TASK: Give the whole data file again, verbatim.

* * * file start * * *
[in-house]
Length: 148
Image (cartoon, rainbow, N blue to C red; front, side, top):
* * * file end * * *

[in-house]
Length: 148
Image (cartoon, rainbow, N blue to C red; front, side, top):